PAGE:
There were six teams deserving of reaching the College Football Playoff this season. But there were only four spots.

But what if there were more spots?

An expansion of the Playoff field to eight teams has seemed inevitable from the day the four-team system was announced. Four more Playoff games means oodles more TV viewers, which means oodles more dollars.

And then we wouldn't be having all these arguments, either — but that's nonsense because of course we would, trying to figure out who got snubbed from the expanded bracket.

But this season's emphasis on the conference-champion debate might kick the efforts to expand the Playoff into high gear. Just take it from NCAA president Mark Emmert.

Now, technically speaking, there are 10 FBS conferences, each of which crowns a champion at the end of every football season. Emmert is obviously referring to the Power Five conferences: the Big Ten, Big 12, ACC, Pac-12 and SEC. He might want to pick his words a bit more carefully, considering he represents the other five conferences — the American, Conference USA, the MAC, the Mountain West and the Sun Belt — too, but his point remains understood.

This season has sparked a ton of controversy as the Playoff selection committee opted for the first time to include a team that did not win its conference, Ohio State, and it picked the Buckeyes over the Big Ten champs, Penn State. Plus, Big 12 champion Oklahoma was passed over in favor of non-champion Ohio State, too, actually falling behind another non-champion from the Big Ten, Michigan, in the final Playoff rankings.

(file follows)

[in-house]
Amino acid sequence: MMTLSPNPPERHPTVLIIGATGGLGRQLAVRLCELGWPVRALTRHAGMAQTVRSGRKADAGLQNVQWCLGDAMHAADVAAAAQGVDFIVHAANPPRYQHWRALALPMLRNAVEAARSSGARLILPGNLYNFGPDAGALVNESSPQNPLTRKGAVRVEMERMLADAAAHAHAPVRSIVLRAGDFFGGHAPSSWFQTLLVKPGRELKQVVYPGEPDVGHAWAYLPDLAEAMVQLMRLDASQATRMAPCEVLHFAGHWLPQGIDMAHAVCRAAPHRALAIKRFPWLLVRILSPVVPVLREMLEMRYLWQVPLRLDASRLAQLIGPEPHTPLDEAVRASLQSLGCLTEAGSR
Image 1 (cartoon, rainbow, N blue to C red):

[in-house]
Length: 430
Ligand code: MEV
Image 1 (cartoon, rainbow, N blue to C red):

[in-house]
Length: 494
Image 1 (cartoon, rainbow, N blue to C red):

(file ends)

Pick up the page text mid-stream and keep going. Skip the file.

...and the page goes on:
With that decision brought the reasonable question of how much a conference championship should matter in getting a team into the final four and competing for a national championship.

The Playoff committee's mission is to pick the country's four best teams, and there aren't many people out there that will argue that Ohio State isn't one of the country's four best teams. But there's something to be said for winning a conference championship because if the Buckeyes can waltz into the Playoff without even playing in the Big Ten title game, why even have a conference championship game — besides, obviously, earning one more night of big-time TV money.

And so the call for an expanded Playoff bracket has reached perhaps its greatest volume in the short time the Playoff has existed. The obvious solution to Power Five conference champions continually being boxed out is to lock in five spots on the bracket for the five conference champions. Then, guarantee a spot for the highest-ranked team from the Group of Five conferences, and you're left with two "at-large" spots that this season would've gone to Ohio State and Michigan, two of the highest-profile programs in the country sure to drive TV viewership in battles against conference-champion Alabama, Clemson, Washington, Penn State and Oklahoma teams. And P.J. Fleck's undefeated Western Michigan squad takes the final slot.